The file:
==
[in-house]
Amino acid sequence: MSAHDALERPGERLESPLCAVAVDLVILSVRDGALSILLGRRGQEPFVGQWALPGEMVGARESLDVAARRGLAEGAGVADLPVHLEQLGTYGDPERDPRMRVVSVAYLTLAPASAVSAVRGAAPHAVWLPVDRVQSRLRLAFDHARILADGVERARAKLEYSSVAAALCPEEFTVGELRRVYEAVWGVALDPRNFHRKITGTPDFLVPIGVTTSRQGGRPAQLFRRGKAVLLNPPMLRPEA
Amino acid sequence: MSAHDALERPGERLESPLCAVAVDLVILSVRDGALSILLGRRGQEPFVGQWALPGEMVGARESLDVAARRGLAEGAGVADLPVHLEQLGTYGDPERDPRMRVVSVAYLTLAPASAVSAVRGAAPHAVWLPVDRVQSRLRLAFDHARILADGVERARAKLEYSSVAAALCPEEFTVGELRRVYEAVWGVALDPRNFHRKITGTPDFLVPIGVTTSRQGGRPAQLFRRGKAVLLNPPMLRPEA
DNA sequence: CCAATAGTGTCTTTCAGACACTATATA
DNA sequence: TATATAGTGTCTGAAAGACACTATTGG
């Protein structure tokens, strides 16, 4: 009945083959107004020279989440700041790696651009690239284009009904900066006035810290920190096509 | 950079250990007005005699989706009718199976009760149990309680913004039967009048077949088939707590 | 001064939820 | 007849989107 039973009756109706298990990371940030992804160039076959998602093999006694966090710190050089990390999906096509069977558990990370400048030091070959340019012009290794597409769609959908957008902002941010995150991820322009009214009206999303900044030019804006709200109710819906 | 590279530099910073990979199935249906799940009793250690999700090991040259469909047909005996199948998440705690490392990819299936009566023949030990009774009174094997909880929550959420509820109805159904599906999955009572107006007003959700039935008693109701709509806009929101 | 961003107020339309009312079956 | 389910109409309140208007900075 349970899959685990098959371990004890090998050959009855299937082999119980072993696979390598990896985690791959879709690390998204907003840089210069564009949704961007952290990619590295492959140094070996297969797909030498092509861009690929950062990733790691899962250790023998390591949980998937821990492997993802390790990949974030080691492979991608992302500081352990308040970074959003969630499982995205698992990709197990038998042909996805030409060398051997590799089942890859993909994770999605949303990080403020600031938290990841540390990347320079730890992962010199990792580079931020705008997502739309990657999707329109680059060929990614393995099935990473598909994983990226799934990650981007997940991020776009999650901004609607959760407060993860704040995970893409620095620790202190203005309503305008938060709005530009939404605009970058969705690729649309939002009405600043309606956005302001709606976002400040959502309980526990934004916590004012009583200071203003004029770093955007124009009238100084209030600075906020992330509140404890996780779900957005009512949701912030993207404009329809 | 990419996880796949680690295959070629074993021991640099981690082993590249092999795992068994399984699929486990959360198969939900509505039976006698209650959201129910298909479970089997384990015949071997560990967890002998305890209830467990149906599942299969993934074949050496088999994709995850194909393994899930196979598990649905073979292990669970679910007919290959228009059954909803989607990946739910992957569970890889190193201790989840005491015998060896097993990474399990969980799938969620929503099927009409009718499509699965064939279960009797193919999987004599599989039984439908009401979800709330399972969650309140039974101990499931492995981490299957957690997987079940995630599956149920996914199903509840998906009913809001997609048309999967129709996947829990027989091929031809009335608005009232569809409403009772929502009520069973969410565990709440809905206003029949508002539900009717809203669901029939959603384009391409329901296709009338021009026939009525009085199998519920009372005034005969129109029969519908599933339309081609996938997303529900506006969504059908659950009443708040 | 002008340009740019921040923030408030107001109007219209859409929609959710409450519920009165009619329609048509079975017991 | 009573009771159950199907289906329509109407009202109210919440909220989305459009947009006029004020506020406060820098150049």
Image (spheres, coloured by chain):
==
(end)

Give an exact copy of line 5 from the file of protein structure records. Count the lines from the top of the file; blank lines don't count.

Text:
DNA sequence: TATATAGTGTCTGAAAGACACTATTGG